For example, a skillful CEO at a board meeting tries to draw out the disagreement among staff members and to sharpen competing points of view in order to sift through the various arguments and then make a final decision. In the same way, various regions of the brain make diverging assessments of the future, which are given to the dorsolateral prefrontal cortex, the CEO of the brain.
Mental illness is then largely caused by the disruption of the delicate checks and balances between competing feedback loops that simulate the future (usually because one region of the brain is overactive or underactive). Because the CEO of the mind (the dorsolateral prefrontal cortex) no longer has a balanced assessment of the facts, due to this disruption in feedback loops, it begins to make strange conclusions and act in bizarre ways.
The voices heard by schizophrenics might arise when several feedback loops are no longer balancing one another. One feedback loop generates spurious voices in the temporal cortex (i.e., the brain is talking to itself). Auditory and visual hallucinations are often checked by the anterior cingulate cortex, so a normal person can differentiate between real and fictitious voices. But if this region of the brain is not working properly, the brain is flooded with disembodied voices that it believes are real. This can cause schizophrenic behavior. Similarly, the manic-depressive swings of someone with bipolar disorder might be traced to an imbalance between the left and right hemispheres. The necessary interplay between optimistic and pessimistic assessments is thrown off balance, and the person oscillates wildly between these two diverging moods. Paranoia may also be viewed in this light. It results from an imbalance between the amygdala (which registers fear and exaggerates threats) and the prefrontal cortex, which evaluates these threats and puts them into perspective. We should also stress that evolution has given us these feedback loops for a reason: to protect us. They keep us clean, healthy, and socially connected. The problem occurs when the dynamic between opposing feedback loops is disrupted.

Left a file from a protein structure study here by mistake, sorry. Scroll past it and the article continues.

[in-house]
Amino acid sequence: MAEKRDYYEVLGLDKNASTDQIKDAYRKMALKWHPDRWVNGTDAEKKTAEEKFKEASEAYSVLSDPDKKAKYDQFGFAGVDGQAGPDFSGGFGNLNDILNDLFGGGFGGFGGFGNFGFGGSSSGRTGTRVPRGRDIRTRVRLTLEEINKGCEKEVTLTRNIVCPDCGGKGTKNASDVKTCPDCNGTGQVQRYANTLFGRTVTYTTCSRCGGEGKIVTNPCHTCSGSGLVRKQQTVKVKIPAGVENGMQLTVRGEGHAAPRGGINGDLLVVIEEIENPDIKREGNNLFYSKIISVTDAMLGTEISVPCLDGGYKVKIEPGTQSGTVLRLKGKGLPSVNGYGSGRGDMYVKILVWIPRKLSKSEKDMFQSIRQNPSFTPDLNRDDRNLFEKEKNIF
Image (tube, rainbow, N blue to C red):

Schizophrenia is a chronic and severe mental disorder that affects how a person thinks, feels, and behaves. People with schizophrenia may seem like they have lost touch with reality. Although schizophrenia is not as common as other mental disorders, the symptoms can be very disabling.
Symptoms of schizophrenia usually start between ages 16 and 30. In rare cases, children have schizophrenia too. They include:
There are several factors that contribute to the risk of developing schizophrenia. Genes and environment: Scientists have long known that schizophrenia sometimes runs in families. However, there are many people who have schizophrenia who don’t have a family member with the disorder and conversely, many people with one or more family members with the disorder who do not develop it themselves.